Trauma care delivery in Canada, even in major trauma centers, usually devolves to the most involved service. For patients with multisystem injuries, this is not always optimal and aspects of care outside the domain of the primary service are apt to be overlooked. Trauma care is necessarily multidisciplinary, and to be optimal, appropriate integration of the care process and prioritization are required. The purpose of this study was to examine the impact on care in a busy provincial trauma center, after the introduction of a trauma program with a clinical trauma service, revised trauma protocols, and a dedicated trauma unit.Methods
Data were collected prospectively before and during the introduction of the program. Aspects of care studied included trauma patient volume, compliance with trauma team activation and trauma consultation protocols, delays to the operating room for hypotension or open fractures, delays in disposition to the unit, average length of stay, and mortality based on Trauma and Injury Severity Score analysis. Data are presented summarized by quarter, one before and four after the introduction of the program. Variance tracking was introduced before the last quarter. Differences between preprogram and postprogram performance were assessed by using analysis of variance (asterisks indicates p < 0.05 compared with preprogram performance).Results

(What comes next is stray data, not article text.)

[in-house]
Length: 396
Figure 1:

Trauma unit average length of stay decreased from 10.15 days initially to 9.66 and 9.14* days at 6 and 12 months, reducing costs. Improved survival was demonstrated by Trauma and Injury Severity Score methodology with z score achieving significance compared with Major Trauma Outcome Study outcomes after program implementation.Conclusion
Trauma care improvement can be achieved by a multidisciplinary team focusing on the process of care, developing a dedicated trauma service to manage the more seriously injured patients, collecting them onto a single unit, and initiating program management.